RSF Social Finance

RSF Social Finance is a public benefit financial services organization that offers investing, lending, and giving services to individuals and enterprises committed to improving society and the environment.

Mission and Purpose

RSF Social Finance is a public benefit financial services organisation dedicated to transforming the way the world works with money. RSF offers investing, lending, and giving services to individuals and enterprises committed to improving society and the environment. The example of RSF provides valuable lessons of how to facilitate meaningful and direct relationships across sectors and among diverse stakeholders within a structure of disciplined investment practice. It is unique in that it holds quarterly pricing meetings for its borrowers and investors to discuss and influence interest and spread rates, rather than use the commonly-accepted LIBOR rates. Together the group gains insight into each other’s financial needs, priorities, and plans.

RSF has a clearly defined set of values that emphasize trust and listening to understand investor and investee needs. Participation is carried out mostly through two mechanisms: community pricing meetings and shared gifting circles, which are both characterized by joint deliberation and decision-making. There is a sense that all affected voices are heard and that there is space for informed decision-making.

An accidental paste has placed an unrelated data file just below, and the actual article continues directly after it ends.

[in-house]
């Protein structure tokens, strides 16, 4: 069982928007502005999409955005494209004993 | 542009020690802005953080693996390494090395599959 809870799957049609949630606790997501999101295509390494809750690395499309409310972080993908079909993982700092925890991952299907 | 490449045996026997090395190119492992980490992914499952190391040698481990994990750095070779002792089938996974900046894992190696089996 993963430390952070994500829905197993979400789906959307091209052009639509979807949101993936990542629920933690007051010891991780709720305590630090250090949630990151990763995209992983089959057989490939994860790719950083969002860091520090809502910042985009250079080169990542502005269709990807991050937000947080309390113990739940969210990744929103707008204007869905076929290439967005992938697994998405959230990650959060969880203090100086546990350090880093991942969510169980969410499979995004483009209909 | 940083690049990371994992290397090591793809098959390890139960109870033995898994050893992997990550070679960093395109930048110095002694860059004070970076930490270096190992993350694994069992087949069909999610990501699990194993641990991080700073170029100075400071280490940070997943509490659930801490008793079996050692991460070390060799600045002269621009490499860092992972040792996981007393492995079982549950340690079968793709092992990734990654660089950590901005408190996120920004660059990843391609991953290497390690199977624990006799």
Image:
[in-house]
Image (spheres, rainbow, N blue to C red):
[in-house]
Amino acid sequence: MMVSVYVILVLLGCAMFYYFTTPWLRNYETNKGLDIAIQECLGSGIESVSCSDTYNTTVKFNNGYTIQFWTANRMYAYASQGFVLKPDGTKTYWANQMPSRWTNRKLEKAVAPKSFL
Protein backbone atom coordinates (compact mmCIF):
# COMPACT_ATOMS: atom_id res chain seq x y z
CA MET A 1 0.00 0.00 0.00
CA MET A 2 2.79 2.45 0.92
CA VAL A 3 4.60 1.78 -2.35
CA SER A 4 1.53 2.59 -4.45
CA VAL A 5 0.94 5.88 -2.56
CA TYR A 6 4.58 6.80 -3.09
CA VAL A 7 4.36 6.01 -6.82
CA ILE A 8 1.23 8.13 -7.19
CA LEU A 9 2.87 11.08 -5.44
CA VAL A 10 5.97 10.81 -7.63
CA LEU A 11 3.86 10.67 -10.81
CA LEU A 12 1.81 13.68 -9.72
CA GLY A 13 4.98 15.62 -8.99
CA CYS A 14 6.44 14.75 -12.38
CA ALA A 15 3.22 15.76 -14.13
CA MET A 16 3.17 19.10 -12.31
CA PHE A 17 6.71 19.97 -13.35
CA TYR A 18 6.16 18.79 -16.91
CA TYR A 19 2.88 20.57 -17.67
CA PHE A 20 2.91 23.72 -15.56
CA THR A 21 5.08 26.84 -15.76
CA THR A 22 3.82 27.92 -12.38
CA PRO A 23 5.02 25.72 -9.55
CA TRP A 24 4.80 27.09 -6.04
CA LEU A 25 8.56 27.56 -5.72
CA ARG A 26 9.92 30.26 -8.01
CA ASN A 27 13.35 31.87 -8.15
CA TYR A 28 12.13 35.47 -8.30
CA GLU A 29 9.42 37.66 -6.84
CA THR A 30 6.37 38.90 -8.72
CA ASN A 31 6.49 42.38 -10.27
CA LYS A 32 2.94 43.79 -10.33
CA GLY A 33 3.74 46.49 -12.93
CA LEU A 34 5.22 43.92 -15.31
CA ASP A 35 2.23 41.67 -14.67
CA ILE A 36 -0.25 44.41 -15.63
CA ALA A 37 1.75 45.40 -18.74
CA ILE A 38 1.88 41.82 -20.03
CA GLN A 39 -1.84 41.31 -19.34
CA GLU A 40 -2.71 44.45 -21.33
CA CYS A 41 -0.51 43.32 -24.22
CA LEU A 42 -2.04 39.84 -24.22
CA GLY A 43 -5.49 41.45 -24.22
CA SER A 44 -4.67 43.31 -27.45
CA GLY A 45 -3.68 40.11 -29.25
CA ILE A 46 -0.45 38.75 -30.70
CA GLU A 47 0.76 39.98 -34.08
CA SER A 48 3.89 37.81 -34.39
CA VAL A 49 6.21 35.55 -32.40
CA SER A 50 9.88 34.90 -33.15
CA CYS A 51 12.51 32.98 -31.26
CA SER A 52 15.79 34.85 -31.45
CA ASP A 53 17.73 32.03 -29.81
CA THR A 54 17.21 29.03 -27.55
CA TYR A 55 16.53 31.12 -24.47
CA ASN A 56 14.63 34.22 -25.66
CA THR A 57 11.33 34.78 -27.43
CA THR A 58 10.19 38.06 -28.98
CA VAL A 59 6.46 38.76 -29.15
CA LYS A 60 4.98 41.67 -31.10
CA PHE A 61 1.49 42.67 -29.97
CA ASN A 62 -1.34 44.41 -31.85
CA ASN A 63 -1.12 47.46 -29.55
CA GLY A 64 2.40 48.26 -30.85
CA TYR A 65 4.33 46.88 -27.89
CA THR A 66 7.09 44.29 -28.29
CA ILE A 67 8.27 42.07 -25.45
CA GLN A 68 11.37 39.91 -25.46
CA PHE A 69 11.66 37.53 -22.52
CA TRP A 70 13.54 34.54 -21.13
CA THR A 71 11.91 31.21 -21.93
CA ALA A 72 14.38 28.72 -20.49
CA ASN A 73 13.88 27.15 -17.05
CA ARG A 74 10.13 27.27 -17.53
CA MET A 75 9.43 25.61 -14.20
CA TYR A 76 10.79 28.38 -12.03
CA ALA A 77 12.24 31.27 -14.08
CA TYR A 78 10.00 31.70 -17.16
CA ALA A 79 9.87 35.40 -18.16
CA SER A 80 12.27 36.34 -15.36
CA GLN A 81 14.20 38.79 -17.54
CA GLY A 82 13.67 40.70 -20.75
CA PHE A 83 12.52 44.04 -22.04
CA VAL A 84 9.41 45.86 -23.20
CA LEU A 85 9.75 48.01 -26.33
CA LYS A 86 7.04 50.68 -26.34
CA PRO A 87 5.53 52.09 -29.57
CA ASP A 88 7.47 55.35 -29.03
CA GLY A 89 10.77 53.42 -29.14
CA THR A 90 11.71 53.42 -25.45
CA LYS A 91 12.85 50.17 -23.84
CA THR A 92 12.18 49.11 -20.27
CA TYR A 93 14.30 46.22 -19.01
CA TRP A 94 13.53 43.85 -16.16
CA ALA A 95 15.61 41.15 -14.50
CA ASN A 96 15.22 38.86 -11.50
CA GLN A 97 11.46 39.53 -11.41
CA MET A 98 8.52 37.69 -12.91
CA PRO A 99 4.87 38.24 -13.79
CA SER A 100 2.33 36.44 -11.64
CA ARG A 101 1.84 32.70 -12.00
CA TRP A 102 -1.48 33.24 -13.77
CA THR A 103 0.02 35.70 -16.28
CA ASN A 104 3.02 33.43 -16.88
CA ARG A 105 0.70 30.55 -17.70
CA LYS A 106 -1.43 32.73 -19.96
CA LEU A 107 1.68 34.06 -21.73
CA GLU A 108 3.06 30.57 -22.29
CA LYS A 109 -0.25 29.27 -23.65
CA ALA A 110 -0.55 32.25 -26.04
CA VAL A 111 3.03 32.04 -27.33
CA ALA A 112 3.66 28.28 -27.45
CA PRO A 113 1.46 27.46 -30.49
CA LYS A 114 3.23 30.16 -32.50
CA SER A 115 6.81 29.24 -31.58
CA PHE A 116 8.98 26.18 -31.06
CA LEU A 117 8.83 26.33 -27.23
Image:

Origins and Development

RSF Social Finance has its beginnings in 1936 as the Rudolf Steiner Foundation, Inc., established “primarily for the furtherance of the interests of the cause and teachings” of Rudolf Steiner. From 1936 to 1983, RSF engaged in fundraising and charitable giving to organisations and initiatives arising directly out of Steiner’s work and lectures. In 1983, Siegfried Finser (a trustee of the Foundation) began discussing with colleague John Alexandra ways to work with money that were more consistent with the philosophy of Rudolf Steiner. These conversations led to the emergence of RSF’s lending program in 1984. That year, the foundation received a request for a loan to rebuild the Pine Hill Waldorf School in New Hampshire, which was destroyed by a fire the previous year. When the request was made, RSF only had USD 6,000 cash in assets. However, they reached out to the community – who had incentive to see the school rebuilt – to fundraise and were able to make their first loan commitment of USD 500,000. This experience demonstrated the importance of community trust to RSF and its role in lending activities.

Following their success with the Waldorf school, RSF’s donor advised fund (DAF) activities started in 1985 and have been growing since to meet the needs of investors and borrowers. In 2005, RSF was among the first to launch mission-aligned DAFs, allowing assets held in DAFs to be invested for social and environmental benefit. RSF has also moved to work with for-profit institutions. In 2008, RSF launched the Mezzanine Fund, which was the first fund to provide mission-aligned financing (from accredited investors) for early-stage social enterprises. The following year, RSF stopped using LIBOR to set interest rates and launched RSF Prime, a community-based model for determining interest rates based on Quarterly Pricing Meetings (QPM) between investors, borrowers, and RSF. Finally, in 2010, after evidencing the lack of transparency in the dysfunctional financial sector, RSF divested from all public equities and redirected capital to investments more closely aligned with its values.